There really isn’t anything quite as comforting as a melodramatic, mid-noughties TV show, is there? Especially when they involve dozens of deaths per season, broken family lives and a high-stress occupation… ok, maybe comforting isn’t the right word.
Grey’s Anatomy – produced by Shonda Rhimes, who is more recently known for Bridgerton – is now on its seventeenth season, making it one of TV’s longest running medical dramas. And honestly, it’s slightly surprising that fans are still tuning in, and haven’t yet become weary of the never-ending chaos of casualties and despair. But weary they are not, as the latest, pandemic-focused season is being binged as quickly as the first sixteen.
For those who haven’t yet paid a visit to the Seattle Grace Hospital, let us explain the show – it focuses on Meredith Grey (Ellen Pompeo), who has just started her surgical residency program, and her fellow doctors and their ridiculously dramatic personal lives. As if making daily, life-or-death decisions wasn’t enough stress to deal with, the gang seem to go out of their way to make life harder for themselves, using tactics such as shagging fellow staff and sabotaging colleague success.
It is proper, soapy ridiculousness, and arguably the ideal cosy watch. Yes, we know it’s not going to leave you feeling enlightened, but one thing is for sure – it definitely won’t leave you feeling bored. With the near constant melodramatics and the unrivalled horniness of these not-very-professional doctors, you’ll find yourself sitting down for a quick episode with your dinner, then suddenly realising that it’s midnight and you’re still not ready to quit. And if you ask Must, it’s ok to have guilty pleasures, especially when they’re this good.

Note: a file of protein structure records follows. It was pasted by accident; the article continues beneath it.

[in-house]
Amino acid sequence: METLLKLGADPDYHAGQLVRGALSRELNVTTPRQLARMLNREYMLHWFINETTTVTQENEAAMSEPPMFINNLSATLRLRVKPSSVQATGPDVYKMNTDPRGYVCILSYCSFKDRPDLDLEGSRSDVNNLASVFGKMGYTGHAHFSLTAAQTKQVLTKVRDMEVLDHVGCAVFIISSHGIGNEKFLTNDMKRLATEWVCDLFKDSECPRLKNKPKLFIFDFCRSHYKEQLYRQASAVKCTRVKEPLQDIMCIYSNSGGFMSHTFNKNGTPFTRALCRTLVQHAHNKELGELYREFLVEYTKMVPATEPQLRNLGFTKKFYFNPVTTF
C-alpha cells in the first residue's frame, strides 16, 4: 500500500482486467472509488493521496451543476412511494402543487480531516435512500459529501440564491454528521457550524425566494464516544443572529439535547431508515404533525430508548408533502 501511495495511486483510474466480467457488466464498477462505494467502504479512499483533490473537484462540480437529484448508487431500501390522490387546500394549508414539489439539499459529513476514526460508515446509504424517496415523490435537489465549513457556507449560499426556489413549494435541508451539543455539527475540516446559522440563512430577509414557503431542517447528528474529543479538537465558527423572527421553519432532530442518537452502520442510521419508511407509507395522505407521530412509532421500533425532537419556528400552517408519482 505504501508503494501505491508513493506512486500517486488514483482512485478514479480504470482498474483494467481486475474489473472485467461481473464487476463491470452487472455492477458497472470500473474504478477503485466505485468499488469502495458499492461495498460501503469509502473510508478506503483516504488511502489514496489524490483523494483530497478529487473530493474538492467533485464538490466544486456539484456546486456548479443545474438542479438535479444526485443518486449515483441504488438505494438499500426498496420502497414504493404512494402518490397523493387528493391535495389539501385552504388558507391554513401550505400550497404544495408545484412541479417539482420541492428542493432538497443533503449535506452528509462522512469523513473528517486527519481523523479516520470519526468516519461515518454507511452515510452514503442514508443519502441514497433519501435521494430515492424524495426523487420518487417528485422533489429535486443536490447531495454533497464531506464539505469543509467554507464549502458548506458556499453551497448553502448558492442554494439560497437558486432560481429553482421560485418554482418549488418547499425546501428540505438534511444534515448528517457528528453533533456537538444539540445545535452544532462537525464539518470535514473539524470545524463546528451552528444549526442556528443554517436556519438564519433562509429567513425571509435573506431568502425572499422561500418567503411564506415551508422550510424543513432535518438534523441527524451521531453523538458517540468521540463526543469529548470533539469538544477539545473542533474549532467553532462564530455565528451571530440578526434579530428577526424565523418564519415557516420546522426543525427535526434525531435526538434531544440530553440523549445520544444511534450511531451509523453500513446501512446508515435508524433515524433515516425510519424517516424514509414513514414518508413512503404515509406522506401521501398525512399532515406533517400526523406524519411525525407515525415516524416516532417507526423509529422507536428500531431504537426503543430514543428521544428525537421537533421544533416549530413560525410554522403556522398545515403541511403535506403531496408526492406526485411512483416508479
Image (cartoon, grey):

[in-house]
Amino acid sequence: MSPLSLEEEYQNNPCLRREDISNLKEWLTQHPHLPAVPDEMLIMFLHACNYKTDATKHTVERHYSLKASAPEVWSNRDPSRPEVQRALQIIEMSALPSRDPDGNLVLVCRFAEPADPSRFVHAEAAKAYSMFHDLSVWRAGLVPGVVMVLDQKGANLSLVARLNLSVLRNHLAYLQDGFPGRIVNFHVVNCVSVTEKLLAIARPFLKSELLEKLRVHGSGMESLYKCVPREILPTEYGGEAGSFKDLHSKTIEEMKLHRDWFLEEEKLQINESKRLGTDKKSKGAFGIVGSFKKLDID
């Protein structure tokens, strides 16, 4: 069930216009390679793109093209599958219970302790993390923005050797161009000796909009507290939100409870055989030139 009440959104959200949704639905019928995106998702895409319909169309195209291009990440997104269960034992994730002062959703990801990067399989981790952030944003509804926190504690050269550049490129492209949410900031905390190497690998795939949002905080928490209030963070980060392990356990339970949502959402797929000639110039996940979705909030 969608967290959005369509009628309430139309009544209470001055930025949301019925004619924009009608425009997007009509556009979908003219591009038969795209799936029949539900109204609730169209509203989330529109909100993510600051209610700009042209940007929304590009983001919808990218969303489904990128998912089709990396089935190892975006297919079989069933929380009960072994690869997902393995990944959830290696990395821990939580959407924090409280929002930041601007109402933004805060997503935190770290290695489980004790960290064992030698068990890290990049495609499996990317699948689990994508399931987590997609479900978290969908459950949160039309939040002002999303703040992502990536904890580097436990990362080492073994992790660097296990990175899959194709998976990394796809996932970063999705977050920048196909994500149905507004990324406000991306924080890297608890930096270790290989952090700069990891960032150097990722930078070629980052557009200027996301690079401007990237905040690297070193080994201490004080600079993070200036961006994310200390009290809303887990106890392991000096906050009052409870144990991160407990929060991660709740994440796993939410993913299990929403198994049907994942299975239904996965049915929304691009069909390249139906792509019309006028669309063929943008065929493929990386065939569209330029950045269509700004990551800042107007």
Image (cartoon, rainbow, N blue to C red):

The New York Times’s Elisabeth Vincentelli couldn’t agree more, saying: “Stuck on a desert island or confined to a one-bedroom Brooklyn apartment, I will take the 15-year-old medical drama Grey’s Anatomy as distraction over any of its newer, shinier, more critically acclaimed, more endlessly dissected and meme-fueling competition.” And according to Vincentelli, it’s more than just a soapy drama, thanks to its “matter-of-factly progressive approach to race…sexual orientation and physical and mental disabilities — a tolerance woven into the show’s fabric rather than funneled into Very Special Episodes.” The Telegraph’s Susannah Goldsbrough calls it “perfect trashy viewing,” saying “It may have been billed as a medical drama, but that was a disguise: it’s a romantic comedy about the kind of people who don’t believe in romance.”
These two will be pleased then, that the latest season is more of the same, with Rebecca Nicholson of The Guardian saying it “returns in all its melodramatic glory.”
First shown March 2005.